Unfortunately, defending against these cuts exposes all sorts of political vulnerabilities. This year’s elections offer a preview of how Republicans intend to use the vulnerability of these programs to attack Democrats. That is, there’s some indication that they will return to the racially tinged backlash politics of the ’70s and ’80s. Newt Gingrich, who has re-emerged as a particularly active rhetorician for the Tea Party, has supplied a large number of phrases redolent of that era. He has described the Democrats as the “party of food stamps.” That’s a slightly softer version of the line trumpeted by Glenn Beck that explicitly decries Obama for acting out a “deep-seated hatred for white people or the white culture.”
It’s a miserable predicament for a party. These social programs are the very reason for its existence. Yet, the party’s political survival has depended on its speaking in a low voice about them. In an age of austerity, that is no longer possible. Republicans will try to force Democrats to defend these programs—with all the attendant baggage. And if they don’t take up the cause fervently enough, their base will force their hand, espousing the unattractive identity politics that Democrats thought they had escaped.
Austerity will produce unlikely political strategies on the other side of the aisle, too. Take the Tea Party’s stance on entitlements. Ostensibly, the Tea Party has stoked an anti-government moment—following in the footsteps of conservatives who have spent generations trashing the New Deal. That’s what made it so strange to hear Republican candidates like Mississippi’s Alan Nunnelee, a favorite to rip that state’s first congressional district from a Democratic incumbent, release a pledge promising to never privatize Social Security. Countless other Republicans have thrashed their Democratic opponents for supporting a $500 billion cut in Medicare. Karl Rove’s campaign group has accused Pennsylvania Congressman Joe Sestak of voting to “gut” the program. Another conservative front group, 60 Plus, has run ads against Democrats around the country alleging that their votes to cut Medicare “will hurt the quality of our care.”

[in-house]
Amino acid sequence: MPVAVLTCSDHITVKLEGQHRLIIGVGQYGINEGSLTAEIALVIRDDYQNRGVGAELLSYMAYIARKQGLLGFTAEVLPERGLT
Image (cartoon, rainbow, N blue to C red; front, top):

These ads do not grow from any conservative epiphany about the philosophical virtues of government benefits. They stem from a clever bet about how scarcity will reshape generational politics. For many years, the anxieties of seniors redounded to the benefit of Democrats. When Democrats issued jeremiads about the perils of Social Security privatization, older voters responded with fear. Democrats have maintained a double-digit advantage on Social Security for well over a decade. An NBC/Wall Street Journal poll in October 2006 found that the public invested greater trust in Democrats on Social Security by 28 points. Remarkably, that gap now stands at four points, a statistical tie.
How did the Republicans eliminate this time-tested disadvantage? They have replaced the Democrats as the great students of entitlement anxiety. Republicans understand that one axis of the resource war will be generational. All of their vows to defend Medicare are coupled with attacks on Obama’s health care reform. They implicitly portray Democrats as waging an age war—creating a massive new government program that transfers dollars to the young at the expense of the elderly. Republicans have cleverly stoked the fear that Obama is rewarding all his exuberant, youthful, idealistic supporters by redistributing resources that are badly needed by the old.
But the voters over 65 that Republicans are pursuing are largely a subset of their most important voting bloc: whites. Republicans have staked the entirety of their electoral future on them. And just as they have exploited seniors’ anxiety about scarcity, they have done the same with the white population as a whole. In fact, whites may be the most anxious group this political season. (Only 59 percent of whites believe “Americans will always continue to be prosperous and make economic progress”—while 81 percent of blacks and 75 percent of Hispanics continue to profess faith in the future.) This anxiety is the reason that Republicans have spent so much time talking about the menace of immigration—even though many of them once viewed Hispanic voters as a potential pillar of their future coalition.